18 Years Ago: The March on Washington

By Thompson, Mark | The Advocate (The national gay & lesbian newsmagazine), October 28, 1997 | Go to article overview

18 Years Ago: The March on Washington


Thompson, Mark, The Advocate (The national gay & lesbian newsmagazine)


A raging rebellion called Stonewall sounded the first cries of gay liberation in the land, but it would take another decade for the gay and lesbian cause to fully come of age. On October 14, 1979, more than 100,000 activists from every state in the union and ten foreign countries joined forces for the first march on Washington. "It symbolizes the birth of a national gay movement," said National Gay Task Force codirector Lucia Valeska, one of the leaders of the day.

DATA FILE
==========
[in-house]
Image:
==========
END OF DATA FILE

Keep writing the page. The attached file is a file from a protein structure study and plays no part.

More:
The march began near the U.S. Capitol, passed the White House, and ended at the Washington Monument, where more than 30 speakers and entertainers appeared before the throng. The lively procession was headed by lesbians, many of them singing "When the Dykes Come Marching In." The kaleidoscope of gay organizations taking part included religious and political groups of every stripe, parents of gays, and contingents of students. The mass swarmed down Pennsylvania Avenue and onto the vast grassy Mall, where participants were roused to cheers by comic Robin Tyler, who shouted, "If freedom shall ring in the country, it must ring for all Americans, or in time it will not ring at all for anyone. …

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